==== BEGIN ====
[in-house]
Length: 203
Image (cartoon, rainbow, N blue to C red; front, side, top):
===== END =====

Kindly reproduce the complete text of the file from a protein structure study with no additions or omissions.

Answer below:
[in-house]
Length: 203
Image (cartoon, rainbow, N blue to C red; front, side, top):